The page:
In all my time studying markets, I can’t recall a single instance when the split between “pros” and “retail” has ever been higher.
What do I mean by that?
Well, amongst the professionals who manage money for a living, there seems to be a universal bearishness regarding the outlook for the stock market in the coming months. But wait! I can hear the push-back already - there are plenty of bulls out there spouting their optimistic forecasts all over the financial news networks. And yes, that is correct. However, these are almost all perma-bulls. When Reformed Broker Josh Brown whispers sweet-nothings about stocks it means squat as he is always bullish. On the other side of the coin, when Peter Schiff howls about the coming equity market collapse, it’s simply another day of the week that ends in the letter Y. To get a sense of the true sentiment amongst professionals, you need to ignore the perma-bulls and bears - instead focus on the group who actually change their opinion based on circumstances.
There is little doubt that amongst these professionals almost everyone is bearish. They might not be forecasting another 1987 market crash, but there are precious few who believe this rise is justified by fundamentals and due to continue. The pain from last year’s December swoon is too fresh in their minds.
Whether it is CNBC-regular Dennis Gartman worrying about the prevalence of money-losing IPOs;
Or this quite-funny tweet about the possibility of a “melt up”;
There are practically zero professionals who believe this rally has legs and will continue to blast through to new highs.
Want some actual data as opposed to anecdotes?
How about this chart from Sentiment Trader that measures hedge fund exposure to the equity market:
And it’s not just Sentiment Trader’s data that is showing hedge funds underweight equities. Nomura strategist Charlie McElligott has recently highlighted the extreme low beta reading from long-short funds.
There is little doubt in my mind that the more sophisticated of an investor you are, the more likely you are to be bearish up here.
And who would blame anyone for this skepticism?
Since the infamous Christmas-Eve-bottom, the S&P 500 is up on a stick. In less than four months, it has risen almost 25%!
It’s easy to see why the professionals are bearish. This whole rally has not been on the back of sharply rebounding earnings, but instead almost exclusively the result of an expanding forward P/E ratio.
Let’s see - stocks severely overbought with fundamentals clearly not keeping up with price action, no wonder the pros are fading this rally.
What about retail? Although I don’t have a lot of interaction with retail, I will rely on my buddy Zach Abraham’s comments about the froth steaming through this segment of the market:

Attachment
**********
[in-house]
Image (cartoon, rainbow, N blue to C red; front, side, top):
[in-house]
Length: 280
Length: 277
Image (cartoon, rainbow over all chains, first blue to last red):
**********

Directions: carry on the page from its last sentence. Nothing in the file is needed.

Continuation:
Lest you think this is once again just anecdotal evidence, I point you back to Jason Goepfert’s great site SentimenTrader.com where his recent blog post outlined that “dumb money” was as optimistic as it has been for over a decade:
There are similar sentiment readings in a variety of other retail indicators that corroborates this conclusion. Retail investors are chasing stocks like a group of 45-year Moms spotting Simon LeBon outside a Duran Duran concert.
This leaves us in an awkward position. The professionals are bearish and believe this rally should be sold.
Yet retail is hoovering up stocks like a brand-spanking-new triple-action model with the red trim and all the options.
In the old days it would make sense to go with the professionals - after all they do this for a living.
But in this age of limited alpha, I believe the choice is not nearly as clear.
Ironically, the weak hands are no longer retail and they are not nearly as “dumb” as Wall Street believes. Retail investors don’t have the pressure of monthly return comparisons. They don’t have consultants threatening to pull money at the first sign of underperformamce.
This might sound absurd, but I would rather be on the side of retail. I know that would mean buying stocks up here at plus 25%. As a professional trader, that’s almost the same as a Michelin-Chef putting ketchup on a steak, but remember - the best trades are often the hardest.
Regardless of where you come down on this debate, be aware that this is truly a peculiar period. The two sides are as far apart as I have ever seen. One of them will be spectacularly wrong. I know it’s tempting to come down on the side of the professionals. Just be careful as trading is seldom as easy as taking advice from this group - after all, don’t forget that Erlich Bachman is also a pro.
Thanks for reading,Kevin Muirthe MacroTourist